Rowena takes the two women to a fancy restaurant and spells the waiter when he tries to kick them out because of the dress code – ensuring they get to stay and get free booze. Naturally the women are interested in magic and Rowena expositions the three ways to become a witch 1) make a demonic pact, 2) be born with magic (like her) and 3) study, training and a mentor. She also talks about a Grand Coven that kicked Rowena out for being “too extreme”.  We get a clue as to how “extreme” that magic is by the waiter she spelled collapsing rather unpleasantly

Gerald ghosts his way back to hell in a new body to report to Crowley who isn’t pleased. He demanded an uptick in soul acquisition but finds the idea of a demonic brothel to be tacky. Gerald also notes that Crowley has been… distracted again.

This Week in Book Covers 10th November - 14th November

Under Suspicion (Underworld Detection Agency #3) by Hannah Jayne

Shenanigans! I call shenanigans on this book cover! This is a flagrant case of false advertising! This book presents something resembling a dangerous, competent protagonist - it builds on an entire genre of weapon-wielding, sexy leather be-decked, scantily-clad, arse presenting heroines (and well done getting ALL of those problems in there) who storm through their respective books kicking arse and not even bothering to take names

Sophie is not one of them. I can’t imagine Sophie owning leather trousers, let alone being able to pull on any item of clothing that tight without either help or someone thinking she’s recreating the three stooges. And as to weapons? Not only does she not wield weapons, but she should not wield weapons! This woman is so lacking in basic competence that allowing her near a butter knife gives me a bad case of the dreads - an actual short sword? She would kill herself, no doubt about it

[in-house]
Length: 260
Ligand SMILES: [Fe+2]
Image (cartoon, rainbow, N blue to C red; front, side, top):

Of course, maybe the artist realises this and that is why she is depicted stabbing herself in the buttock.

I am annoyed by this cover - and not just because of the usual silliness. I am annoyed because what is depicted is so very far from what Sophie is that it feels like a cynical lie to trick readers

Archangel's Consort (Guildhunter #3) by Nalini Singh

Wednesday, November 26, 2014

The Accidental Alchemist by Gigi Pandian

Zoe Faust, alchemist, herbalist and semi-immortal, has stopped her long years of wandering across America to finally settle in her new home in Portland. She’s finally ready to set down some roots and let go of the pain of the past.

But her fresh start wasn’t intended to include a stow-away gargoyle in her storage crates. Dorian needs an alchemist, desperately, as his body is turning back to stone and only a studious alchemist can reverse that if they can interpret the book he has…